This article discusses cities in globalisation through the notions of networks and relations. The article argues for a conceptual understanding of a city as a social entity and in contrast to the understanding of a city as a place or a territory. The focus is to discuss relations between globalisation and city dynamics. The research question is developed from an economic geography framework; however, the discussion transcends disciplinary boundaries, and work in sociology and economic sociology offers important contributions to the argument.
There is a strong overlap between the development of the idea of the network society and relational thinking of societies. What has been coined as the ‘relational economic geography’ approach emphasises the importance of social and organisational relations and networks, involving interpersonal and interorganisational connections and networks. Proponents of the concept of relational space reject the notions of territorial integrity and bounded territorial regions. Instead, they utilise concepts such as porosity, permeability, unboundedness, space of flows and relational connectivity.
The article also considers methods and data for empirical studies on cities in globalisation. The observation and construction of data on networks may be difficult. Typically, networks are not stable or physical entities to measure or envision, neither do they have stable boundaries. What may be observed are the components generating, developing and reproducing relations and flows. Jane Jacobs’ (1984) idea about the role of dynamic cities in expanding economic life put relations and connections in the centre, and the theory asserts that some cities are innovative, leading and dynamic while others are secondary and relatively static. This idea has been important in the task of developing an appropriate match between the concept of cities as networks and the methodology through which these are studied within the framework of the Globalization and World Cities Study Group and Network (GaWC). The different angles of analysis and which are developed and pursued in this research network, clearly illustrate that the single cities have different positions. The conceptual understanding stresses the unstable character and processes that will continuously involve changes in how globalising cities are positioned.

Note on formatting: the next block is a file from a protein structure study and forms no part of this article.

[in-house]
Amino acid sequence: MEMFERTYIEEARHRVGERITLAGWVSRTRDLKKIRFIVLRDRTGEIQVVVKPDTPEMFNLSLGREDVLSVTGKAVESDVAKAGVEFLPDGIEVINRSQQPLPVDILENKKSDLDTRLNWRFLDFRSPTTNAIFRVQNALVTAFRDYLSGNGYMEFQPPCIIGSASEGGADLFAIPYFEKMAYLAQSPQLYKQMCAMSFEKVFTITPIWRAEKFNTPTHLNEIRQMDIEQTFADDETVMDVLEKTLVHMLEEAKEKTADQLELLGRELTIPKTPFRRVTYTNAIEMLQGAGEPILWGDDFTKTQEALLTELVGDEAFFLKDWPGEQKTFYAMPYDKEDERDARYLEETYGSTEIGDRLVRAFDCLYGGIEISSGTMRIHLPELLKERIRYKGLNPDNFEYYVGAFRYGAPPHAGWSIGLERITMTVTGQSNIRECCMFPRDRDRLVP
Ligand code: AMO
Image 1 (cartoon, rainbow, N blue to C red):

Oslo: Novus forlag , 2009. no 1-2, 1-16 p.